Major Doncaster academy getting better, says Ofsted

Ash Hill Academy, Hatfield.
Ash Hill Academy, Hatfield.

A Doncaster school rated by Ofsted as ‘requiring improvement’ is already improving, say government inspectors.

The report says Ash Hill Academy pupils are making better progress in English and maths since the previous inspection, but not enough to reach the national is getting batteraverage.

Low-level disruption by pupils is among issues high-lighted in the report, calling for further improvement.

It says pupils’ are making better progress in English and maths since the previous inspection, but not enough to reach the national average.

Teaching at the Ash Hill Road school, although improving, does not allow all pupils to achieve consistently well. teachers are adhering to agreed procedures.

And the report said that, in some students’ books, work is unfinished and poorly presented, while some students do not respond to teachers’ marking comments on how to improve.

Low levels of literacy were said to hamper the progress of some pupils and students’ communication skills are not sufficiently developed.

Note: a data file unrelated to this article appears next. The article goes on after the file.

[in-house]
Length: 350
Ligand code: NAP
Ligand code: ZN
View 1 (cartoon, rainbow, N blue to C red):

The behaviour of a small minority of students also requires improvement.

The report said students and staff agree behaviour has improved considerably, but some learning is still interrupted by low-level disruption.

And the sixth form requires improvement because initiatives to raise standards are not yet fully embedded.

However, there was also praise, with leadership at the academy rated good.

The report says Ash Hill is an improving school, with the majority of parents pleased with the quality of education provided.

Students feel safe in school and well cared for and the curriculum is effective in nurturing students’ spiritual, moral, social and cultural development.

Inspectors also recognised that gaps in the achievement of different groups of students are narrowing, while governors ensure all students have equal opportunities to succeed.

Dave Williams, academy principal, said the report was part of the school’s continuing journey since it came out of special measures in 2011.

He said: “After 18 months following coming out of special measures, we were described as requiring improvement, and we have consolidated our position. This shows we’re moving towards being a good school.

“Teaching was predominantly good, but can’t be rated good because they base things on results and we are still not where we’d like to be.

“The praise of leadership is praise for all staff and pupils.

“We are pleased overall with the report.”